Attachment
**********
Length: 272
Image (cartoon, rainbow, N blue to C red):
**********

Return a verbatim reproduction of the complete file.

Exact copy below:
Length: 272
Image (cartoon, rainbow, N blue to C red):